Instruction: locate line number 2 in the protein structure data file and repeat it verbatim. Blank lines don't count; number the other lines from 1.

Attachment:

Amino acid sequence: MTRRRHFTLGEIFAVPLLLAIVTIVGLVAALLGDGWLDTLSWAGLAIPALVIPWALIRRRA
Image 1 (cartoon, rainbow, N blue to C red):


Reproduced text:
Image 1 (cartoon, rainbow, N blue to C red):